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The skeleton Aims This is a lesson for The skeleton. In this lesson, students start

The skeleton

Aims

This is a lesson for The skeleton. In this lesson, students start by looking at a 6-mark question. The aim of the lesson is to move students towards answering the question, using knowledge they have from previous lessons, and covering new learning objectives.

It covers the following learning objectives:

Describe the structure and function of the skeleton and skeletal system.

Apply knowledge in the context of a 6-mark question.

Big Question

Explain using specific examples how the skeleton provides the body with physical protection and protection against infection (QWC, 6 marks)

Question requirements

For students to be able to answer the question, they need to:

Statement

Answer

Describe the structure of the skeleton.

All the bones in the body make up the skeleton. They are joined together to make a framework. The main bones in the human body are the: skull, jaw bone, collar bone, sternum, humerus, vertebral column (back bone), pelvis, ulna, radius, femur, fibula, kneecap, tibia, and ankle.

Describe how the skeleton protects vital organs.

Bones are strong but flexible. The bones in the skeleton protect vital organs.

Give specific examples of bones protecting vital organs.

The ribcage protects the heart and the lungs.

The skull protects the brain.

 

The vertebral column protects the spinal cord.

Explain how the skeleton protects against infection.

Some bones in the body contain bone marrow (e.g. the longer bones in the arms and the legs). Bone marrow is a soft tissue that produces blood cells. White blood cells are needed to fight infection.

Question marking guidance Explain using specific examples how the skeleton provides the body with physical

Question marking guidance

Explain using specific examples how the skeleton provides the body with physical protection and protection against infection (QWC, 6 marks)

1–2 marks

There needs to be a basic description of how the skeleton protects the body. Students also need to have included at least two of the scientific point listed below to achieve any marks.

3–4 marks

There needs to be a clear description of how the skeleton is structured to help it protect the body, giving at least one example of a particular set of bones. Students should give at least four of the scientific points given below. Spelling and grammar is mostly correct, and the answer is presented logically.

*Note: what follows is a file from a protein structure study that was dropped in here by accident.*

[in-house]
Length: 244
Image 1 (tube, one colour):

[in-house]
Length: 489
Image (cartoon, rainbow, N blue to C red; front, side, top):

5–6 marks

There is a full and detailed explanation of how the skeleton is structured to help it protect the body, giving at least two examples of a particular set of bones, and a suitable explanation for both physical protection and protection against infection. The answer is well structured and spelling and grammar nearly all correct. Students should give at least six of the scientific points given below.

Scientific points

The skeleton provides support for the body and holds vital organs in place.

The skeleton is made up of bones.

Bones are strong, but slightly flexible (from calcium).

There are specific bones to physically protect specific vital organs.

The skull protects the brain.

The ribcage protects the heart and lungs.

The backbone protects the spinal cord.

Some bones, such as long bones in the arms and the legs, contain a soft tissue called bone marrow.

Bone marrow produces white blood cells.

White blood cells are needed to protect against infection.

Starter Support/Extend Resources Introducing the question (5 minutes)   B1 2.4 Activity: Give

Starter

Support/Extend

Resources

Introducing the question (5 minutes)

 

B1 2.4 Activity:

Give students the Question-led lesson student sheet and write the Big Question on the board. Explain to students that by the end of this lesson, they will be able to answer the question. Students should record key words and answers to the question requirements table as they move through the lesson.

Name those bones! (5 minutes)

Question-led

lesson

 

B1 2.4

This interactive resource asks students to label a diagram of the skeleton, using the names of some of the major bones in the body provided.

Interactive:

Name those

bones!

Main

Support/Extend

Resources

Build your own skeleton (25 minutes)

Support: Students should work in mixed- ability groups.

B1 2.4 Activity sheet: Build your own skeleton

Students use the activity sheet and photocopied images of bones to build a skeleton.

They then use the model skeleton and the information in the student book as a resource to label the bones on their own activity sheet. For the purpose of this lesson, students should only complete questions 1, 2, and 3 on the activity sheet. As an alternative to the questions, ask students to draw a table that lists several regions of the skeleton (skull, ribcage, long bones in the arm and leg) in the first column. They can then fill in the second column with the functions of the bones in these regions, helping them work towards answering the Big Question.

Extension: Students should include in their functions an explanation of how the function is achieved.

 

Question-led activity (15 minutes)

Students answer the big question and then use the mark scheme to check their answers.

Plenary

Support/Extend

Resources

Identifying ways to improve (5–10 minutes)

Support: Students may struggle identifying how they can improve the quality of their writing (structure, spelling). Sharing the best answer from the class will help students appreciate the difference in QWC.

 

Working in pairs, students should list ways to improve their work, first suggesting their own improvements and then looking at their partner’s work to suggest improvements or to look for good ideas on how to improve their own answer.

Homework

   

Students should revise their answer using their improvements identified in the plenary.